Staff Editorial: Communicating construction

The growing list of GW’s off-schedule construction projects now includes the Somers Hall addition at the Mount Vernon Campus. But unlike with past construction projects, the University is taking laudable and responsible steps to notify students early and implement a plan that promises to satisfy both the housing crunch and students’ needs.

The expansion of Somers Hall, originally slated to open in fall 2001, will still be under construction when students return from summer vacation in August, which means the University will be lacking the 180 anticipated beds the new facility will provide. During the past few weeks, GW officials have worked diligently to come up with a solution to yet another housing crunch. Their plans are innovative.

Reducing the number of residents without beds would be accomplished by sending more than 100 students to study abroad for the fall semester. Under the plan, the University would waive the normal study abroad fee assessed to students who venture overseas. Plus, students in the program, which is open to all returning students, including first-semester sophomores who would otherwise not have the chance to go abroad, would receive a travel stipend that could amount to as much as $1,500 depending on the destination.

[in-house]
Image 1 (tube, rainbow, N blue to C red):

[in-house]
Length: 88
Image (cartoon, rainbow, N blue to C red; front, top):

The only stipulation is that students who participate must live in a living and learning community housed in the new expansion at Mount Vernon when they return in spring 2002. In the past some students have expressed reservations about living at Mount Vernon because of periodically unreliable transportation, and concerns about social opportunities when living at a separate campus. To make it a successful program, the University must alleviate those concerns.

With the advent of co-educational living at Mount Vernon and part of the Honors Program on the formerly all-female campus, this new program adds another incentive for students to consider living there. Students should credit administrators for working to notify students of construction delays early, and creating a unique and imaginative plan to work around unexpected campus changes.

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